How to learn American Sign Language (ASL) at Home?

Learning a new language like an American Sign Language presents special challenges and rewards to the learner. Learning ASL takes different skills and requires different methods of instruction than other learning orally spoken languages. Let’s take an example that ASL cannot be taught through audio. It requires either live instruction or video and very least it takes still images which are typically not much effective.

Learning ASL requires the learner to have their hands free to practice signing but if we talk about other language learning, you need to dedicate a time and place to listen intently and speak out loud.

There are plenty of apps and websites available for learning new languages. But very few of them offer American Sign Language (ASL) alongside the other languages that English speakers typically study. In this article we have mentioned the ways to help anyone who wants to learn ASL.

1. Learn ASL  Online

Like many things these days, learning is also possible from home online. There are plenty of resources, like YouTube or BSL Zone where learners can watch videos with sign language.

Any form of video is a great way to watch and the learner can replay it as many times as the learner wants in the comfort of their own home. It is the best affordable option for self-learners. 

Top YouTube American Sign Language (ASL) – 

2. SignSchool App

SignSchool is a free online sign language class that steps through the basics. It starts with how to spell your name and then moves the learner through lessons that progress in difficulty.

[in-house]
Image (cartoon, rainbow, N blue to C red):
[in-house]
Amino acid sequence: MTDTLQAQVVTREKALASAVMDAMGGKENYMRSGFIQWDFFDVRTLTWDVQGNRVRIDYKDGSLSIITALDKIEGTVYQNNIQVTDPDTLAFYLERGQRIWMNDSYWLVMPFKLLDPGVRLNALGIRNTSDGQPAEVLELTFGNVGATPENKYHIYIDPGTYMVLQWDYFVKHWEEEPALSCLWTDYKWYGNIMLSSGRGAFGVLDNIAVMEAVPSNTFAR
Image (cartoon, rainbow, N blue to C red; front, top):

There are three levels to pick between Beginner, Intermediate, and Advanced. If the aspirant is already knowledgeable then low level can be skipped. Besides the lessons, there is also a fingerspelling game and the sign of the day. 

SignSchool App Download Links – 

3. Sign BSL app

It is a British Sign Language Dictionary app. If the learner doesn’t know how to sign a word, he can search for it on the app so it is a great resource. There are also great apps for ASL learners. The language learning platform, Drops, released ASL on their Scripts app in conjunction with the United Nations’ International Day of Sign Languages The app teaches learners how to read and write alphabets and character-based language systems.

Drops’ ASL offering on Scripts is free for 5 minutes a day, allowing anyone with the Scripts app the ability to quickly learn the ASL alphabet. By associating illustrations of the signs to their meanings and testing users through fun, 5-minute games, Drops is bringing their acclaimed learning approach to an even broader audience and leveraging its global, multi-million user base to bring global awareness and access to ASL. 

4. Read a Book

Not everybody is a fan of online learning, there are plenty of books available at bookshops and libraries. There are varieties from Sign Language dictionaries, books for children, step by step learning and so much more.

There is no doubt that it is more difficult to learn from, as the movements for the signs are not as obvious to see, in contrast to watching a video. But you will never forget what you have learned from yourself.